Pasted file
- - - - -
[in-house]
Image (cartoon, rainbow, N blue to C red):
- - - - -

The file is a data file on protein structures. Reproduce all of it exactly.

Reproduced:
[in-house]
Image (cartoon, rainbow, N blue to C red):